First, let us comprehend each perspective.
Emic was derived from the word "phonemic," a term referring to the study of sound systems within language, particularly those sets of sounds that a native speaker of a particular language can distinguish.
Etic comes from the word "phonetic," a study of the overall organization of sound within all languages without particular regard to their patterns. Emic and etic Emic and etic study methods differ just as in phonemic and phonetic approaches to linguistic studies.
Emic Perspective Emic research is accomplished by procuring insider, or native, perspectives. It is a more objective approach in which the researcher will try to make sense of endemic customs and practices by observing or interviewing members of that culture. This bottom-up approach requires analysts to adopt a completely neutral outlook, with no expectations about what they will observe or what it will mean.
In anthropology, folkloristics, and the social and behavioral sciences, emic and etic refer to two kinds of field research done and viewpoints obtained: emic, from within the social group (from the perspective of the subject) and etic, from outside (from the perspective of the observer). Definition of emic: of, relating to, or involving analysis of cultural phenomena from the perspective of one who participates in the culture being studied — compare etic First Known Use of emic. Etic perspective is defined as an external or outsider’s view on beliefs and customs. This can be similar to an analytical or anthropological perspective. This can be similar to .
It attempts to observe the cultural system as a working whole. The emic approach is a popular method for newer topics, as researchers focus on actual data from local participants and the themes or patterns that develop therein, rather than depending upon long-standing theories.
Researchers employing this method will conduct an in-depth long-term study of one or just a few settings.
In this method, scientists might study how gender roles develop within a particular culture, but without applying what they know about gender roles in other societies. The result may be a rich and diverse accumulation of individual case study data with a focus on how the insiders or natives viewed the differences in gender roles.
Scientists might also study tattoo significance by collecting data on what the tattoos mean to individuals within the context of the cultural environment. Researchers typically use existing theories that can be applied equally to other cultures, reapplying them to a new setting or population with the assumption that the theories are universal.
Unlike the emic approach, etic research takes cultural data and attempts to fit it to accepted general causal models.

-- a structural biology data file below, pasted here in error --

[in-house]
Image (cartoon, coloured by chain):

The analytical nature of the etic approach works well for brief observations of particular behaviors within a wide range of settings. Its goal is to focus on measurable data that can be compared to that from other cultural settings.
With this approach, a gender role study would more likely apply observed cultural data to previously recognized concepts of masculine and feminine. A study of cultural tattoos would similarly collect information about tattoos from a specific cultural environment and then try to determine meaning based on tattoo theories established from studies of other cultures.
Since it is based on former research, this method can discourage new concepts.Dec 19, · Emic and Etic Perspectives. When looking at any culture, our own or someone else's, it is possible to have two different perspectives.
Being an ethnographer requires the ability to move easily from one perspective to the other. These two perspectives are emic and etic.
Oct 23, · Best Answer: An emic view is the view from within, the etic view is the view from outside. Emic is what a person IN the culture studied would have, and an anthropologist would take an outsider's view. For example all cultures have a taboo on caninariojana.com: Resolved.
Etic perspective is defined as an external or outsider’s view on beliefs and customs. This can be similar to an analytical or anthropological perspective. This can be similar to . In reality, emic vs. etic isn’t a dichotomy (not mutually exclusive) and can be used to varying degrees in the same project (more on this at the end).
I’ve summarized some of the pros and cons of emic and etic approaches in the chart at the end of this post, but it is good to remember that the real strength is often in integrating the two.
In it, the terms 'emic' and 'etic' signify two different approaches to studying human culture. The emic approach to studying human culture focuses on the members of the culture being studied.
Obtaining an emic view of another culture is a central goal of doing ethnography, and an emic view is necessary before an etic perspective can truly be obtained.
Etic Perspective To gain an etic perspective on a culture, your own or someone else's, requires even more work.